By Victor Cota
Today, it is the 49th anniversary commemorating “Battle of the Century”
It was the first of three epic, monumental and forever memorable encounters between “The Greatest” Muhammad Ali and “Smokin” Joe Frazier.
It came to pass at the fourth Madison Square Garden in New York on March 8, 1971 and at that time it shattered records for global numbers of television viewers.
This fight was promoted by Californian tycoon Jerry Perenchio, a businessman, philanthropist and art collector according to his biographers. He was also CEO of Univision from 1992 to 2007. And if that wasn’t enough, the fortune of this extraordinary man at that time was estimated at 26 billion dollars.
The fight was broadcast from ringside in 12 different tongues…a linguistic first. A staggering 300 million people witnessed the fight through television, whose rights were bought by 50 countries.
Many celebrities attended: Norman Mailer, Woody Allen, Frank Sinatra, Dustin Hoffman, Barbra Streisand, Bill Cosby, Gene Fullmer, Jack Sharkey, Joe Giardello, Emile Griffith, George Foreman, Joe Louis, Gene Tunney, Dick Tiger, Billy Conn, Rocky Graziano, Oscar Bonavena and the Sugar Ray Robinson phenomenon.
Two spectators with paid tickets passed away inside the Garden due to heart attacks during the match. Also, several more deaths were reported in front of the television from Milan and Kuala Lumpur.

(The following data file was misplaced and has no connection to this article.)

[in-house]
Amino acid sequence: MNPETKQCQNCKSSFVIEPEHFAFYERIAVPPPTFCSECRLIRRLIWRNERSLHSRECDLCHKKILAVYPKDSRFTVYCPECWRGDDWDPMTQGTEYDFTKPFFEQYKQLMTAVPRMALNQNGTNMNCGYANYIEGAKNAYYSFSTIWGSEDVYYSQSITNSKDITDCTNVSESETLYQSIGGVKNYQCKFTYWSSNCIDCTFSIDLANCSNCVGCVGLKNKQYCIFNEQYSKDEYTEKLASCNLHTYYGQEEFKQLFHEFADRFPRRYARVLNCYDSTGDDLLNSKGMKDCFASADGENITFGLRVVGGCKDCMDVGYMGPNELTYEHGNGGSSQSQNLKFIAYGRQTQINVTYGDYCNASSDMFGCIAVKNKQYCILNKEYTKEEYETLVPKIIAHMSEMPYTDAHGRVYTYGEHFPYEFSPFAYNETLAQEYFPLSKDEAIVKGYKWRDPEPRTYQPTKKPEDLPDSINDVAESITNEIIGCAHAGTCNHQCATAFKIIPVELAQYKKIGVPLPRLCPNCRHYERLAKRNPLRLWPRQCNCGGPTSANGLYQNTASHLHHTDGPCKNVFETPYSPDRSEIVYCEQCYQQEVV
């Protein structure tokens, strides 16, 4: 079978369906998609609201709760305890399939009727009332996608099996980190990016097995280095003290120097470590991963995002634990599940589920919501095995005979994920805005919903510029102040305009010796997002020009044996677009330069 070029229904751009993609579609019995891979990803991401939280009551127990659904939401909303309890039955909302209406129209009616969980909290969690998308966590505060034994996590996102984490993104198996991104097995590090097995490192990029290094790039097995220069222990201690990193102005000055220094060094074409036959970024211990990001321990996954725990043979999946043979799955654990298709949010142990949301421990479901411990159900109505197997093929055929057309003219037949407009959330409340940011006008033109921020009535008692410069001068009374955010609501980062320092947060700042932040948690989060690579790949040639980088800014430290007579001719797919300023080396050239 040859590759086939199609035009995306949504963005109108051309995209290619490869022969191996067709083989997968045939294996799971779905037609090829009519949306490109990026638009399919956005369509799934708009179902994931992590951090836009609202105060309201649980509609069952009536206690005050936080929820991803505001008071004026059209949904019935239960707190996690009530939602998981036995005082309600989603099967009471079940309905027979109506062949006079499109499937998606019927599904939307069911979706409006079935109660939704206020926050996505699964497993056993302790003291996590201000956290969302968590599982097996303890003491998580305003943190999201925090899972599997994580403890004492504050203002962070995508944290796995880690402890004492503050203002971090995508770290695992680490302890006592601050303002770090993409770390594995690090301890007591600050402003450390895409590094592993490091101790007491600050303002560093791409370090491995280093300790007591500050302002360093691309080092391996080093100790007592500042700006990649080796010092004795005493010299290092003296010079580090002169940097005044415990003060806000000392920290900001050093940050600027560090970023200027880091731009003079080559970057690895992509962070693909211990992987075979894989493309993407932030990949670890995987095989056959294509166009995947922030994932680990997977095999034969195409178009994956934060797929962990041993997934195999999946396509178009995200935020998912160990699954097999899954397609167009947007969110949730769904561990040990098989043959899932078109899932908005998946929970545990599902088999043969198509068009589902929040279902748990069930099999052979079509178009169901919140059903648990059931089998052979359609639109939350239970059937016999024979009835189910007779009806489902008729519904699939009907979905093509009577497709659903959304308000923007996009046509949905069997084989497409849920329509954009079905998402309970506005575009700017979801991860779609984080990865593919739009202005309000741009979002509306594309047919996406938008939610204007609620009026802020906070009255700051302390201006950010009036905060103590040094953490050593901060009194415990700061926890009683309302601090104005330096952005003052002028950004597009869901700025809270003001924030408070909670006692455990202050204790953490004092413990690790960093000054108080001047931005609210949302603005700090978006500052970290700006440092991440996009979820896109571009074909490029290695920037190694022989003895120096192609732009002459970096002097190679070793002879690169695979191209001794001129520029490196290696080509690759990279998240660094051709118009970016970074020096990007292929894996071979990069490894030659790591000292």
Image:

The Referee on that fabled starry night was Arthur Mercante. Artie Aidala and Bill Retch were Judges. The Announcer was Johnnie Addie. The WBC heavyweight title was at stake. Joe Frazier had a 26-0 record with 23 knockouts; while Ali has a 31-0 record, with 26 knockouts.
Ali was dropped for the first time in his career in round 15, curt courtesy of a humongous left hook from Joe. It was also the first defeat of his career.
The influential and important news agency the Associated Press gave its score in favor of Joe Frazier, while the United Press International scored it as a draw.
Each of the two fighters received a check for two and a half million dollars, the maximum pay for a boxer up to that night.
The magazine “Life” published photographs shot by Frank Sinatra, the artist Leroy Neiman painted a battle scene, while Hollywood actor Burt Lancaster shaped what they call “color comments” for the closed circuit television.
Bernard Picot, of the AP Agency, wrote that the 35 million dollars of profits for the organizers, caused the envy of executives of several companies quoted on Wall Street. Another reporter from the same agency commented that this fight was the greatest economic impact sporting event of all time. While France Press agency, published that more than one billion dollars changed hands on the stock market, due to bets.
Was it a truly great fight? You betcha!